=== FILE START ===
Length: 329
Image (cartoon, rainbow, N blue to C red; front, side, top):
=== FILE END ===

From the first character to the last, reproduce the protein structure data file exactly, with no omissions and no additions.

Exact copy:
Length: 329
Image (cartoon, rainbow, N blue to C red; front, side, top):